The Aug. 29 drone strike hit a longtime aid worker for a US group, 38-year-old Zmaray Ahmadi — the family’s primary breadwinner — as he pulled into the driveway of his home. The 10 victims – three adults and seven children – all lived together in the home, including Zmaray’s three brothers.
The next day, the Ahmadi family pleaded for help leaving the war-torn, Taliban-controlled country, as well as monetary reparations.
“Whether in America or another country, we want peace and comfort for our remaining years,” Samim Ahmadi — the 24-year-old stepson of Zmaray — told the Washington Post. “Everyone makes mistakes. The Americans cannot bring back our loved ones, but they can take us out of here.”
“We didn’t have money to bury our relatives,” Zmaray’s 32-year-old brother Emal reportedly said. “We had to borrow the funds.”
“We are worried,” said another brother, Ajmal Ahmadi, according to the Washington Post. “We feel under threat because we are so exposed to the public by the media. Everyone got to know that we have worked for foreigners, served in the Afghan army as well as the Afghan intelligence agency.”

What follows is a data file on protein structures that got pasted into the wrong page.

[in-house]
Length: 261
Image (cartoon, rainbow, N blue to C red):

Despite frustration over the U.S’ handling of the tragedy, one brother was “happy” officials admitted to the tragic blunder.
“The Americans kept emphasizing they killed an ISIS-K terrorist,” Emal reportedly said. “Now, we are happy they have acknowledged their mistake and confirmed that they killed innocent people.”
But now, Emal demands the US “punish” those responsible for killing family members.
“The U.S. government must punish those who launched the drone strike,” said Emal, according to the Washington Post. “They knew and saw there were children on the ground. Can anyone bring them back?”
The call for justice came as the family ripped the U.S. government for not reaching out to deliver a personal apology.
“No one has apologized, no one has helped us,” Romal Ahmadi said. “[They] Americans can’t bring back our brother, children, our nephews. If they apologize that would be sufficient.”
Now, they want to leave the country for somewhere safer, because it isn’t a “good place to be.”
Marine Corps Gen. Kenneth McKenzie Jr., commander of US Central Command, said the civilians “were tragically killed” on Aug. 29, ahead of the Biden administration’s planned removal of troops from Afghanistan.
“I am now convinced that as many as 10 civilians, including up to seven children, were tragically killed in that strike,” McKenzie said. “We now assess that it is unlikely that the vehicle and those who died were associated with ISIS-K or a direct threat to US forces.”
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